Yet another symptom might include his seeming inability to adapt to altered circumstances, one long-term example revealing itself in his continuing to perform on the cornet, during a decade in which a significant number of other ‘20s jazz musicians were switching over from the cornet to the trumpet: Bix was totally self-taught on the cornet (and also on the piano) and if he were to switch to the trumpet, he would have needed to start from the beginning all over again to teach himself to play the trumpet. Another symptom that could perhaps confirm this was his inability to sight-read printed music notation on the piano in any key signatures other than the tonalities of C and F: his improvised piano performance on the Wolverines jazz band disc side “Big Boy” (1924) appears to attest to this, since the band modulates from the tonality of E-flat to the tonality of F prior to Bix improvising his jazz solo on the piano in the tonality of F, in addition to the two only other disc sides of him improvising jazz on the piano accompanying Trumbauer and the ‘20s jazz guitarist Eddie Lang in the tonality of C. (Apparently Bix could improvise and perform in more tonalities on the cornet than on the piano since, unlike the piano, the cornet is a monodic musical instrument.) The perception of Bix’s apparent symptom of being unable to adapt to circumstance, along with also supporting the chance of external stimulation “overloading”, has previously received exposure in a small piece of personal editorial commentary authored by Ralph Berton, who remarked in his memoir, Remembering Bix that “…Bix’s abnormal sensitivity, able to do such extraordinary things his way, unable to do the most ordinary things anyone else’s way, just couldn’t be forced into the mass mold of the public school system without serious psychic injury.” Berton utilized this as his support for his own personal hypothetical conjectural speculation “…that all such things as [sight] reading, fingering, and ‘correct’ practicing were so firmly associated in his unconscious with the world of formal instruction he had fled, that he could never ‘go back’ to one without experiencing an overwhelming horror of the other.” Only the substitution of terms such as “music notation”, “accidentals” (sharps, flats, naturals, etc.), “time signatures”, “clefs” (register indications of musical instruments and voices), and “key tonality signatures” in place of the terms “sight-reading”, “fingering”, and “correct practicing” might perhaps explain why Bix didn’t succeed in accomplishing his own subconscious ultimate long-term musical career goal of an occupation as a composer. Jean Pierre Lion’s own personal editorial commentary in his biography of Bix Beiderbecke seems to corroborate Berton’s own preceding personal editorial commentary. Also, Bix’s failure to qualify at the start of his musical career for membership in a local branch of a musicians’ labor union as a consequence of his lack of ability to sight-read printed music notation acceptably might just as much indicate an inability to adapt to altered circumstances as well. (He resorted to deception to be able to qualify for membership in the union.)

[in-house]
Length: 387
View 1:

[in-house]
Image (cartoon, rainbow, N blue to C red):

Even another intriguing indicator symptom might present itself as socialization cues unrecognized by observation. Bix’s kindergarten teacher, Alice Robinson, recounted, “…He was … happy finding his own niche rather than joining the larger group.” This perhaps further supports the categorization of Bix as possessing an introverted personality, yet also could show that he didn’t deduce that he was expected to interact with the other kindergarten children upon observation and awareness of their presence in the school classroom, as a consequence of not learning recognition of socialization cues by observation. Another later incident occurred during which Bix went out on a date with a local lady named Vera Cox, who testified “If we were on a date and there was an orchestra playing, chances are I’d be left high and dry while Bix ran off to hear the band.” Jean Pierre Lyon writes that “Davenport’s students got together for many parties, but Bix did not respond to the girls with the same attention he was often given.” (Jean Pierre Lion, BIX: Definitive Biography of a Jazz Legend, 2005) A Davenport acquaintance, Leon ‘Skis’ Wreintin, supported this by observing that “A lot of times Bix would take a date, and just forget about her if someone let him play the cornet or piano. It really didn’t bother him to leave the girl alone all night.” These above-cited instances seem to furnish more support of the notion that Bix didn’t learn recognition of socialization cues by observation, in the above-mentioned examples of not deducing that the lady and the girls wanted him to spend at least some time with them. An unfortunately extreme incident also backs and holds the notion up: In Davenport, on April 22nd, 1921, Bix allegedly took a five-year-old girl to the garage and asked her to “show herself”. This, in addition to exhibiting his lack of recognition of social context and not learning recognition of socialization cues by observation, also bolsters the indicator symptom of impulsive behavior attributed to the conditions of both Asperger’s Syndrome and Autism.